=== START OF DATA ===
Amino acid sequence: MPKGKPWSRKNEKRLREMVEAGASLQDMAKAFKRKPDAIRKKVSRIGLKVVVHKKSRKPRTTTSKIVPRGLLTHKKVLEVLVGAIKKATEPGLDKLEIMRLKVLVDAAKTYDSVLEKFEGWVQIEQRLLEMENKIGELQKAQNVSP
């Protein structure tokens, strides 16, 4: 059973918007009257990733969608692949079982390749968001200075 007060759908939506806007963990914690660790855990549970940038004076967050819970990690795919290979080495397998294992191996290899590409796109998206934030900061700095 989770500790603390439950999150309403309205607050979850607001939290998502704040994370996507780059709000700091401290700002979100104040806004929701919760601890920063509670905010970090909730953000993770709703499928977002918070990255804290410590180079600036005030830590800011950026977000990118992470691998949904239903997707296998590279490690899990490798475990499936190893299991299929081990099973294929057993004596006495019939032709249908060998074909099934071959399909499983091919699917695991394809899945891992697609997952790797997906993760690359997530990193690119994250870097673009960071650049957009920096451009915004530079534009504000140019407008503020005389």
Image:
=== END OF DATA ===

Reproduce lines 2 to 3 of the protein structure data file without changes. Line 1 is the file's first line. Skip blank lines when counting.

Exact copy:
């Protein structure tokens, strides 16, 4: 059973918007009257990733969608692949079982390749968001200075 007060759908939506806007963990914690660790855990549970940038004076967050819970990690795919290979080495397998294992191996290899590409796109998206934030900061700095 989770500790603390439950999150309403309205607050979850607001939290998502704040994370996507780059709000700091401290700002979100104040806004929701919760601890920063509670905010970090909730953000993770709703499928977002918070990255804290410590180079600036005030830590800011950026977000990118992470691998949904239903997707296998590279490690899990490798475990499936190893299991299929081990099973294929057993004596006495019939032709249908060998074909099934071959399909499983091919699917695991394809899945891992697609997952790797997906993760690359997530990193690119994250870097673009960071650049957009920096451009915004530079534009504000140019407008503020005389």
Image: